With a key piece of legislation now in place, leaders of Research Triangle Park plan to unveil a new master plan for the park by early October.
During its recently concluded short session, the General Assembly adopted legislation that allows the park, in collaboration with local governments, to set up “Urban Research Service Districts” that could include a mix of retail, restaurants and residential developments.
Adding such amenities is a key component of the new master plan, which seeks to transform RTP from a suburban, isolated campus environment into a place where workers and visitors alike can eat, shop, stay overnight at a hotel and even live.
“This gives us the ability to look across the park at places where we would want to redevelop and do mixed-use and have a tool and a mechanism to do it,” said Bob Geolas, CEO of the Research Triangle Park Foundation, the nonprofit that runs the park.
The legislation also establishes rules for how the tax rate and services provided within such districts would be determined. Companies that own or lease space in the 7,000-acre park currently pay a special tax rate, and an oversight body of tenants and owners review how those funds are spent.
Geolas said that in creating the districts, the legislation first had to make sure that retail tenants or homeowners paid taxes that were comparable to what they would pay in either Durham or Wake counties.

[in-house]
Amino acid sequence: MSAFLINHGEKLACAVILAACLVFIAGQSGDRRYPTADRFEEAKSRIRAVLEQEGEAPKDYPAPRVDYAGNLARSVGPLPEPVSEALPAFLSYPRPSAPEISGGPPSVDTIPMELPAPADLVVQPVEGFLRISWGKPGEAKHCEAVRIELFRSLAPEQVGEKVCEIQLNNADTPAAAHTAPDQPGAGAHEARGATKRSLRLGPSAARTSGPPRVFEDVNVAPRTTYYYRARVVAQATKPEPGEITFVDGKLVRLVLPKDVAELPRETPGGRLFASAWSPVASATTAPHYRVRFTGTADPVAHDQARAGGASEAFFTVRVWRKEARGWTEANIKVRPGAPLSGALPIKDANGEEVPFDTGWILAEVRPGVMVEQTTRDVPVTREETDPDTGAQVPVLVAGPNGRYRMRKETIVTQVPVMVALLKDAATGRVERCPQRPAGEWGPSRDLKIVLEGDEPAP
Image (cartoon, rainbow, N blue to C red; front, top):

“You couldn’t have people who own homes here within the park have a financial advantage over other people in the market,” he said. “That would simply be unfair ... you have to have a tax rate that is consistent with the marketplace.”
The legislation also had to make sure that residents didn’t have taxation without representation.
“We didn’t want residents of the park to feel like they didn’t have a fair way to petition their government if they had tax issues,” Geolas said.
Each urban research service district will be affiliated with either Durham or Wake county depending on its location within the park. Park officials will work with county government officials to establish how services, such as garbage and police, will be provided and at what cost.
“We will work with the county governments as we begin to define the specific projects that are coming online first,” Geolas said. “We don’t know yet if we’re going to start with a residential or a mixed-use (project).”
It’s been more than two years since the Research Triangle Park Foundation hired a New York urban design firm to update its master plan. It’s the first update to the park’s master plan since North Carolina legislators created RTP in 1959.
The review has been complete for sometime, and Geolas said the park already knows where the first urban research service districts will be located.
“We know it will be on the Durham side,” he said, declining to be more specific.
Such specifics will presumably be revealed in late September or early October, when RTP launches a major rebranding effort.